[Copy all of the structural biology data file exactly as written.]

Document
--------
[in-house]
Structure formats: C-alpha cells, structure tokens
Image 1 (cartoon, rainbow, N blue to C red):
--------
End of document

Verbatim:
[in-house]
Structure formats: C-alpha cells, structure tokens
Image 1 (cartoon, rainbow, N blue to C red):